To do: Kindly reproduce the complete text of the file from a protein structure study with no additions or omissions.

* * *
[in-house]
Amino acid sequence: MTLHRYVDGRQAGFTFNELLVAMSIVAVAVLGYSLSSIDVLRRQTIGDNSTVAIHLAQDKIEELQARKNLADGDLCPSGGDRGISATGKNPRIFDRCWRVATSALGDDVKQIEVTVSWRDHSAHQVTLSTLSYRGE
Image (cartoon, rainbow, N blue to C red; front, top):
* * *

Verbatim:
[in-house]
Amino acid sequence: MTLHRYVDGRQAGFTFNELLVAMSIVAVAVLGYSLSSIDVLRRQTIGDNSTVAIHLAQDKIEELQARKNLADGDLCPSGGDRGISATGKNPRIFDRCWRVATSALGDDVKQIEVTVSWRDHSAHQVTLSTLSYRGE
Image (cartoon, rainbow, N blue to C red; front, top):